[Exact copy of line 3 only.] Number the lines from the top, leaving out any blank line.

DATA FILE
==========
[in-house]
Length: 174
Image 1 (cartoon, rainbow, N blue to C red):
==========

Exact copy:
Image 1 (cartoon, rainbow, N blue to C red):